Caught Between Pope Francis and Ayn Rand: Our Struggle with the Pontiff

In the wake of the fading honeymoon between the media and Pope Francis, excitement is more universally giving way to a sense of uneasiness. In the beginning, it seemed they not only found an ideological Pope, but one whose ideologies were identical with their own; an answered prayer for the left-leaning news industry. This was so comically seen on the cover of The Advocate, a pro-homosexual marriage publication, with a bright profile of Pope Francis next to his infamous “who am I to judge” quote. But like the pervading familial breakdown that Francis decries, the marriage between him and the MSM was bound to end in divorce.

For example, the popular perception that Pope Francis is bent on pulling the rug out from under the Catholic hierarchy doesn’t quite gel with his excommunication of the Australian priest who advocated for women’s ordination and homosexual marriage. His alleged sympathies for homosexual marriage doesn’t fit with his call for every child to have a mother and father. He denounced abortion, euthanasia, and embryonic stem cell research as “sins against God.” Yet, his harsh criticisms of capitalism are no secret. It would seem he is playing both conservative and liberal, Republican and Democrat; and Americans find it a very foolish strategy.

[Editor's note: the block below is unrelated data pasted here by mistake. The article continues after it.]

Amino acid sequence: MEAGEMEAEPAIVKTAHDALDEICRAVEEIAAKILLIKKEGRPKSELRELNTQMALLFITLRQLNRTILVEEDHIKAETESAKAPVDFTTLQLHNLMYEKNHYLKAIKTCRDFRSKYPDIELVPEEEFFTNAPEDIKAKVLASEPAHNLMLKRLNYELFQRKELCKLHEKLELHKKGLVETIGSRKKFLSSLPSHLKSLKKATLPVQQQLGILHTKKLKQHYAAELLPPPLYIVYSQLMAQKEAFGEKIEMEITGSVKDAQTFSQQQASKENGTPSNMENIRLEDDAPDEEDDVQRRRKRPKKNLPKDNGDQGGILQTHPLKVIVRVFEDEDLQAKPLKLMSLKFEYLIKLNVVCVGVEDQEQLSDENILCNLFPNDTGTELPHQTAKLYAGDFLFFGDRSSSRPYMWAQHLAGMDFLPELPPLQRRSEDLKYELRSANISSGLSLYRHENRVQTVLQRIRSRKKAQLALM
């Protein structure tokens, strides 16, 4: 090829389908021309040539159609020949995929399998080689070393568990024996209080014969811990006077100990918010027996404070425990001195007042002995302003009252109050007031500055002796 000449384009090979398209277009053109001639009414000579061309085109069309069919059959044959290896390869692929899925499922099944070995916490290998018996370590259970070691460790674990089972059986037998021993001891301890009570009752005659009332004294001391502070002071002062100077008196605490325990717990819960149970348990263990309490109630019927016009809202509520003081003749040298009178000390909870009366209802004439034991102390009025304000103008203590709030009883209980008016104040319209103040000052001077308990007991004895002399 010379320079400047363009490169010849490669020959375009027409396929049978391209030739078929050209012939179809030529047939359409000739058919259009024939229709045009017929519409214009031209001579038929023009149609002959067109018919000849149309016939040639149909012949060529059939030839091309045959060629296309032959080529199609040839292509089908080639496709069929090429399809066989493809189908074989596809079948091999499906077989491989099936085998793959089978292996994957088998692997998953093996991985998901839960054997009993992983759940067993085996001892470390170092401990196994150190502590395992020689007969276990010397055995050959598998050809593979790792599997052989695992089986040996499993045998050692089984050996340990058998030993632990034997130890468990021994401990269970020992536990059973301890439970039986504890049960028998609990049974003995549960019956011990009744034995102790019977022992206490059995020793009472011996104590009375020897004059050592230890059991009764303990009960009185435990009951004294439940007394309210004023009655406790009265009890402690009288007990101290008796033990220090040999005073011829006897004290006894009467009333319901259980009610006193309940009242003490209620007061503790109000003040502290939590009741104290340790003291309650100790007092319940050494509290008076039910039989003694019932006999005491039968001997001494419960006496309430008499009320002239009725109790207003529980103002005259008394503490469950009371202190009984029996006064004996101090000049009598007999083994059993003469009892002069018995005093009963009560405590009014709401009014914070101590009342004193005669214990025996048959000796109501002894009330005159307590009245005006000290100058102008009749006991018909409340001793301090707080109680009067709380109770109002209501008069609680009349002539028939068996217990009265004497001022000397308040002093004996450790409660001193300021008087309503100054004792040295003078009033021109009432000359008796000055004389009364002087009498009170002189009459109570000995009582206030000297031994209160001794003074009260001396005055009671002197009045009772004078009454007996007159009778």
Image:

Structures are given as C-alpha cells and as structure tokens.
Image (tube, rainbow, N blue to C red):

But the evidence for something neither conservative nor liberal at the root of the Pontiff’s thought is abundant because it centers on a theme which consistently appears in his public discourse. In the Apostolic Exhortation Evangelium Gaudium, His Holiness remarks “Our world is being torn apart by wars and violence, and wounded by a widespread individualism which divides human beings, setting them against one another as they pursue their own well-being.”[1] He later added this individualism creates economic inequality. This January, he claimed the love of a mother is an antidote to individualism and war. Similarly, without brothers and sisters “freedom and equality can be filled with individualism and conformity,” he said this February.

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